To find out more about LEO IFC, read about the recent APEX TECH webinar on the suitability of LEO connectivity for airline passengers.
How Can Airlines Change the Narrative Around their Approach to Sustainability?
The main takeaway from the panel discussion about “Creating Genuine Airline Environmental Sustainability” at the APEX/IFSA 2021 Thought Leadership Conference was that airlines must work harder to communicate with passengers and the general public about their existing sustainability initiatives, and to change the narrative being cultivated by mainstream media.
Star Alliance CEO Jeffrey Goh and JSX CEO Alex Wilcox used sustainable aviation fuel (SAF) as an example of where the media’s message is skewed. Both agreed that we only ever hear about how SAF is the number one solution for airlines in terms of sustainability, but we don’t hear that the immaturity of its supporting infrastructure means that, as Wilcox put it, “it’s currently the most carbon-intensive type of fuel you can burn.”
Goh asked why the onus regarding SAF is always put solely on airlines, rather than governments, who can incentivize it, or airports, who can make it easier to access. Amir Amidi, managing director at Plug and Play, said it’s also a very long-term solution, bearing in mind that by 2030 we’re only likely to have enough SAF to support 10% of the global aircraft fleet.
That fact is one of the reasons why Wilcox believes airlines must be careful that in attempting to change the narrative they don’t over-promise and under-deliver. “We’re making lots of noise about electric aircraft and eVTOLs, but our fleets will look pretty much the same in 2030. That could backfire on us.”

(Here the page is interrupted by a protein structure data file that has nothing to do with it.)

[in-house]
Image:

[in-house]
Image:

Amy Gile, CEO at computer systems design company Silverdraft, said that travelers would probably respond better to information about the small sustainability steps being taken by airlines today anyway: “I don’t buy the long-term promises. I need things that I can understand explained to me in layman’s terms.”
For Amidi, the most meaningful thing airlines and suppliers can do is to “start in their own backyard and branch out from there.” He elaborated, “For Airbus – if you decided to only work with suppliers and vendors that have a good track record on ESG, it would take a while and mean you would discontinue many relationships, but it would be worth it.”
Gile added that airlines and suppliers should focus on the footprint of their computing systems, using data centres as an example of where huge emissions savings could be made using thoughtful design.
In terms of worst case scenarios should airlines not adequately deal with sustainability – both from a perception and a reality standpoint – the panelists’ responses were sobering. Goh suggested that, just as we’ve seen with COVID-19 vaccinations, the issue of sustainability could be politicized. “If we don’t do anything, governments will step in, then if airlines aren’t doing certain things they won’t be allowed into certain territories.”
Wilcox added that flight-shaming will get worse, and that “tamping down growth at airports will be massively exacerbated.” For JSX specifically, it’s an existential question.
Amidi, who deals with startups in Silicon Valley, said the worst case scenario for airlines would see new players capitalizing on the situation. “If you’re not going to address it, someone else will,” he stated.
Despite these facts, each panelist agreed that the airline industry continues to make meaningful changes to their operations to increase sustainability, even if that’s simply in the form of cutting out single-use plastics, and that with all the capital being invested in future technologies these meaningful changes will continue to grow.